“He hadn’t had an opportunity to play on the road, and we wanted to throw him in that tough environment,” Lucia said, “just to see how he would do, as much for next year as for Friday night.”
Hauser played in Saturday night’s game and collected his 72nd career victory. He’s one behind Robb Stauber’s school record and also one behind Graham Melanson’s WCHA record of 140 games played.
St. Cloud State’s Dean Weasler has been the mainstay in net since Jake Moreland broke his catching hand trying to glove a Mark Hartigan slap shot in practice last month.
Weasler, who had been splitting time with Moreland, will be the Huskies’ goaltender for the stretch run.
“Unless he doesn’t play well, that’s what our plan is,” Dahl said. “With the injury to Jake Moreland, that certainly took him out of the lineup for a while, and Dean played fairly well in his stead.”
Two weeks ago, Wisconsin seemed poised to go on a late-season run. Despite losing its starting goaltender, it had taken three points from St. Cloud State.
This was going to be the time the Badgers put it all together and started playing consistently — in a positive sense.
Fooled you, the Badgers did.
Since, they’ve lost two points and their cool against Alaska-Anchorage and lost a three-goal lead against Colorado College, starting a downward spiral that led to a tie and a loss in Colorado Springs.
“It comes and goes,” Wisconsin coach Jeff Sauer said, “and that’s the problem. Our consistency has been the problem. When we’re playing strong, we can master the system and do a pretty good job.”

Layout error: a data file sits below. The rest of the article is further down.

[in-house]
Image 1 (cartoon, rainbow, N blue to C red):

When they’re not playing strong, it’s a challenge for the Badgers.
With Denver coach George Gwozdecky having pulled his name out of the hat — he claims it was never in the hat to begin with — for the head coaching openings at Wisconsin and Michigan State, many people’s favorite to get the job is off the board.
But Wisconsin is sure to see the applications fly in now that the opening has been posted (deadline March 7, bachelor’s degree needed if you’re interested).
The job posting says the anticipated start date for the new head coach is March 9. It may be a formality in the job search, but it’s sure not much of a vote of confidence about the expected depth of the Badgers’ run in the playoffs. March 9 is the same day the Badgers will be playing Game 2 of a best-of-three, first-round WCHA playoff series.
Points On The Other Side
After 18 assists, Minnesota State-Mankato freshman Steven Johns finally got his first collegiate goal last Friday night.
He scored on the power play to tie the Mavericks’ game with Alaska-Anchorage at 2 in the first period.
There were no Clay “Woodrow” Wilson sightings reported on last weekend’s Michigan Tech scoresheets, so the freshman defenseman remains at two goals and six assists for the season.
What exactly do Clay Wilson and Woodrow Wilson have in common, you may ask? Well, Clay spent many years living in Alaska. In 1915, the former president authorized funds for the construction of the Alaska railroad. Coincidence?
He Said It
“It is my sincere hope that the distraction regarding my future has now been eliminated, and we can concentrate on achieving our season-long goal of winning the NCAA championship.”
— Denver coach George Gwozdecky, on closing the book on rumors of his departure with a contract extension.